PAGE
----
Posted 10 January 2011 - 10:44 PM
J, assume we're talking SOFT temper stainless wire. I've used .031" soft temper on shallow divers (line tie in the nose) with zero problems but found .041 dia soft wire was better on medium and deep divers (line tie out on the lip) because the twisted wire run from the line tie to the lip slot will not torque. If you're using HARD temper stainless, you can go down to at least .029" dia with no problem on any bass bait. .029" hard stainless leader wire is 180 lb test. What's gonna break that? At some point, I think you get into the area of aesthetics more than function - what "looks right". Soft brass wire was used on some of the best classic balsa baits from the 1970's and it looks like .041" dia to me. Soft stainless is just a little harder than soft brass and it will not corrode like brass, so...
Ben - superglue is interesting but isn't it pretty expensive? It's like $3.50 for 1/3 oz at Home Depot. I don't doubt it works fine and I'm not really a cheapskate, but...
Edited by BobP, 10 January 2011 - 10:49 PM.
Posted 10 January 2011 - 11:23 PM
I haven't even considered the cost of materials yet Bob. I'm still experimenting with different materials, techniques, etc. of building baits. I don't plan on mass producing anything for sale at this time so cost isn't one of the major factors for me at this time. At the moment I'm just trying to build the best bait that I can. Now if something changes down the road and I can develop a market for something I build then cost will be more of a concern.
Posted 11 January 2011 - 09:10 AM
Great BobP, was looking for that kind of info and couldn't find it in the older forums. Thanks for sharing. I'm going to have to order my ss wire, Ace or anyone else don't have that. Was thinking of ordering the ss wire from Jann's netcraft. They don't specify if its hard or soft tempered. Where do get yours?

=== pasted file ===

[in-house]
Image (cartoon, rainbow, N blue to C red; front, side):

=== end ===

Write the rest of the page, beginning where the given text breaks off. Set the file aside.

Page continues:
Ben- Thanks for the input, I did try the super glue for sealing . I liked the results better with the prop. If I just wanted to make one bait I may use it again but I like to do 5 to 10 cranks at a time. What I would like to change is the glue I use to connect the two halves together. I use 5 min epoxy but want something that I don't have to mix without losing the strength that the 5 min epoxy has.
Posted 11 January 2011 - 09:44 AM
I think I was the one who first mentioned using super glue on balsa baits, but I only make them occasionally, and then it's one at a time. It is expensive.
I would probably use two coats of thinned D2T if I were making a bunch of balsa baits.
I've used Gorilla glue, the kind that foams, for laminating pine together to make thicker blanks, with no failures. I moisten both faces of the wood before I apply the glue, and clamp them together and let them sit overnight. I think the glue, which is drawn into the adjacent wood by capillary action (that's why I wet the two sides first) is at least as strong or stronger than the wood itself. I've tried hitting a cutoff that's held in a vice, and the wood breaks, not the glue joint. The foam out excess is soft, because it expands and foams when it's exposed and unclamped, but the glue in the clamped joint is hard as a rock.
Balsa is a softer, weaker wood than pine, so, if I were thinking of using it for laminating balsa, I would do a test to see if the glue joint breaks before the wood. I just don't know how deeply the glue will penetrate balsa.
Another potential problem with laminating balsa is that drill bits might drift because the glue joint, which is typically in the center of the blank where the hardware attaches, would be harder than the adjacent wood. Like trying to drill into a hard grain line.
If you use a through wire system, I'm pretty sure it would work fine, but you really should make a test laminate with a through wire to see for yourself.
Posted 12 January 2011 - 08:20 AM
Thanks for the Info, I've got a couple of scape blanks that I can do the test on. I'm going to try to compare epoxy and some none mixing types of glues. J.
Posted 12 January 2011 - 12:19 PM
J - I get soft temper stainless "safety lock wire" from McMaster-Carr. Here's a link: http://www.mcmaster....ck-wire/=ak5rcc
8860K15 is the catalog # for a 1/4 lb spool of .041" (they sell various diameters in various size spools). McMaster-Carr also carries other crankbait raw materials like polycarbonate (aka Lexan) sheets, circuit board sheets, hard stainless wire, etc. Good service and some of the best prices I've found for these items if you can navigate their huge inventory of choices.
Posted 12 January 2011 - 04:23 PM
Bob - Perfect , Thanks!!! J
Posted 15 January 2011 - 12:14 AM
I am looking for a different sealer, where can i get propionate at? i use a sanding sealer now but would like to try something else.